For carpenters and woodworkers, squareness means the difference between success and failure. If even one frame in a house is not square, it will slightly alter the proportions of the rest of the entire house. When the proportions change, the measurements made by the carpenters become increasingly more complicated as the carpenter has to start measuring for odd numbers and fractions of inches. Squareness is the key to simplified carpenter's measurements. And, luckily, this crucial measurement can be gauged using basic geometry and some common tools.
Things You'll Need
- Double square
- Tape measure
Lay a level across the top of the surface that you are measuring. Then, lay the level across the bottom. Look to see if both the sides are level, if not, the surface can't possibly be square. Make minor adjustments to the top and bottom until they are both level.
Take your tape measure and carefully measure vertically 3 feet from the top of one of the sides. Mark the measurement with a pencil.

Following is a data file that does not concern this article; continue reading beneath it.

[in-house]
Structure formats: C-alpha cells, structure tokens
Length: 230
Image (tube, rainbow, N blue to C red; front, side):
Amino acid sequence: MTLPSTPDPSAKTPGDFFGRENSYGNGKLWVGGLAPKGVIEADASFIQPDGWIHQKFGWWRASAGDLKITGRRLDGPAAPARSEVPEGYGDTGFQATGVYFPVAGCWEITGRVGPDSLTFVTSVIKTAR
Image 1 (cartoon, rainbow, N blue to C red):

Measure out four feet horizontally with your tape measure from the same corner, across the top of the surface. Draw a mark using your pencil at 4 feet.
Line up the end of your tape measure with the first mark and stretch it at a diagonal until it reaches the second mark. Look and see if the measurement reads5 feet or very close to it. Use the Pythagorean Theorem to determine if your corner is a true square.
Repeat this procedure on all corners. Make adjustments until all corners equal 90 degrees.
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